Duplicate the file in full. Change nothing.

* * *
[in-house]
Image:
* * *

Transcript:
[in-house]
Image: